Tuesday, 8 April 2008

You probably have a performance problem. You'll probably never know that.

Think about it. When was the last time you heard about your application being slow? Every day? week? month? When was the last time you heard from some business manager “we could do X more/better if the system could be more responsive”? Lots of times. How many processes in your business have their schedule and deadlines dictated by machine execution times? I'm sure that you'll find a few, some of them probably rated as business critical.

So you approach your dev team (either in-house or outsourced) and request from them some time to fine tune the application response or batch times. You always get some variation (or a mix) of the following two answers.

Answer 1: your application does not have any kind of problem with performance, even if somebody is saying that it is “slow”. None at all. It is already working 100% optimized. All the execution paths have been checked and tested, and each one of them is using the best possible algorithm. There are no places worth looking at in the code any more for performance improvements, none. If you want, or more likely need, to improve performance, just buy us some new fancy hardware.

Answer 2: we just cannot stop to look at performance. There is no time to do that here. If we stop and look at performance, we'll delay the next release, the next patch, the next whatever is in the works. We can always take care of performance later. Do you really prefer delay the next project milestone/business roll-out/bug fix in exchange of some nebulous performance improvement target? If you want better performance, just buy some fancy new hardware.

Frankly, both answers make perfect sense, and it would be very difficult to challenge them in a business context. First, you would need to have extensive knowledge of the inner workings of your application to challenge the first. Second, you would need to have a lot of muscle within your business organization to stand up and say “next release/next change process/next bug fix is not as important as investing some time in application performance”

This is business, not F1 racing. Just being the fastest does not give you any prizes. But performance is always on the back of your mind. You don't know quite why. Well, you do. But like the two answers outlined above, you are really lying to yourself. Because you know that, at some point in time, you'll be under the spotlight for your application performance. But is just better to postpone it because.... (insert some mix of Answer 1 and 2 here)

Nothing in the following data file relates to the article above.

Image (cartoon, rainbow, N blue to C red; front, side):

And therein the day comes where your application performance is no longer tolerable, even by the most generous and forgiving users on the face of earth. Even by the management board that have never, ever, seen even the application after its splash screen (well, they probably did in that demo, but they did not understood anything beyond that) And you'll be on the spotlight. And you'll go to your dev team, ask them to improve performance and you'll be told that... (insert some mix of Answer 1 and 2 here)

So you prepare an extra budget outside of plan, assemble a team of techies and buy some fancy new hardware. A migration project after that, your application is running on fancy new hardware. Surprisingly, performance improves. But only a bit. Not even remotely proportional to the money you've spent. What happened?

Simply put, answer 1 and 2, or some mix therein, are not true. Well, they are true, until they have to be proved. And that moment comes when you actually need better performance. This is the time when you realize that your application has a performance problem.

Granted, some applications are not like that. I'm sure that anywhere with human lives at a stake, from medical equipment to air plane controls, performance is taken very, very seriously. Outside of those fields, however, performance is just another factor in the balance of costs and benefits.

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